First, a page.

Gamaleya uses adenoviruses in its Covid-19 vaccines; this is the same approach used in the vaccine developed by the University of Oxford and AstraZeneca. The adenovirus supplies genetic material for the protein that is on top of the virus that causes Covid-19, and this genetic material is designed to generate an immune response to the virus.
Adenoviruses can cause a variety of symptoms, including the common cold. Researchers are manipulating the virus so that it does not multiply and cause disease.
Gamaleya vaccine is given in two doses and each dose uses a different adenoviral vector.
Russia registered its first Sputnik V coronavirus vaccine in August after testing it on 76 volunteers and before large-scale phase 3 studies. The message came very loudly from Russian state media, but sparked widespread skepticism from the international community about its safety and the idea. that approval can be hastened by political goals. According to Russian authorities, Sputnik V is in process stage 3, in which 13,000 people have participated so far and seek to include up to 40,000 people.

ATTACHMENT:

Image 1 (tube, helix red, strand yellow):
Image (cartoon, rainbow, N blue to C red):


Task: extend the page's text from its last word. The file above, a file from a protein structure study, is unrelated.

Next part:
AstraZeneca began large-scale phase 3 clinical trials in August to include up to 30,000. Such trials are the final step before the vaccine manufacturer seeks regulatory approval.
Another EpiVacCorona vaccine, developed by the former Vector Biochemical Weapons Laboratory, was registered in Russia this week before going through phase 3 trials. The third potential Russian vaccine from the Chumakov Institute began phase I trials last week.